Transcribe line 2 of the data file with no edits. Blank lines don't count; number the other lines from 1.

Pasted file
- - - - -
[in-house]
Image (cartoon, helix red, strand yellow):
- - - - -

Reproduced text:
Image (cartoon, helix red, strand yellow):